- NIH training support for medical school years post-PhD. Some of the NIH institutes have policies that either allow them or prevent them from continuing to support MD-PhD students once they head back to finish medical school. Only way to know for sure is to ask, but be sure to read the online information first. If they do allow support during the last year of med school, you should request it and may need to postpone the formal awarding of the PhD until you graduate medical school. This does NOT mean that you should (or can) postpone your thesis defense - that will still be required to take place just before returning to clinics (as in the past). It may be helpful to note in your training plan that you will continue to conduct research in your MS4 year, once the bulk of your full time clinical responsibilities are completed. The majority of MD-PhD students do additional research after completing the PhD and before graduation, and noting this may increase the likelihood that you can retain fellowship funding after defending.
Some specific tips for F30 and F31 proposals
Our success rate on these applications is generally quite good, but not everyone gets a fundable score and sometimes it is from being tripped up by avoidable mistakes. In reading the reviewers’ comments from proposals that were not funded, some common themes emerged. Based on those, here are some specific suggestions:
- Training plan. F30/F31 awards are for training. Reviewers pay close attention to the training plan, so make sure that in addition to the minimally customized boilerplate section that we will supply for you about Penn MSTP (the additional education information), be sure to write in your plan a customized version that talks about what you will be doing your thesis years and beyond to promote your development as a physician-scientist. That includes courses, conferences, group meetings on campus and workshops. Hopefully you are already doing all of this, so just describe it.
- Learn something new. Reviewers will want to see you grow as a scientist. That means learning new things and applying methods that you haven’t done before. Don’t expect a good reaction if you say that you have done a million western blots before and now you are going to do another million.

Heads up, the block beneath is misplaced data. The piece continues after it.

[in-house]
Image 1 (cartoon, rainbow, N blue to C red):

- Letters of reference. Very helpful if you can get them from investigators with whom you have previously worked and not just your thesis advisor - including gap and/or undergrad PI’s.
- Sponsorship section. Dave Manning, Maja Bucan and Skip Brass have drafted Suggestions for Section II. Please read it carefully and share with your PI(s).
- If you are working with a new PI. Pay close attention here. Reviewers will ding you if you are working for a new investigator e.g. someone who has not previously seen a grad student all the way through to graduation even if they now have independent funding. They have also frowned when F30/F31 applicants are applying with a faculty member who does not have research space of their own. This could, for example, happen when a Research Assistant Professor is working within space assigned to a tenure track former mentor. By MSTP policy, if you are in this position, you should have a senior co-mentor for your thesis. It is very important that that person’s role as a co-sponsor be spelled out carefully and they indicate in a letter that they accept that role. If you are in this situation, go over this part of your proposal with me.
- Research plan. Make sure that it is clearly written and understandable by people who are not closely involved with your research area. Make sure it clearly lays out your goals and plans - and talks about alternatives should your first brilliant idea go down in flames. Do get it read by others, including your PI.
- RCR section. Our MSTP RCR requirements should be sufficient for any reviewer, but be sure to not only include them, but also say what you have done.
- Vertebrate animals. Be sure to address all of the required issues, including stating that you have obtained (or will obtain) appropriate IACUC approval. Justify in detail the number of animals.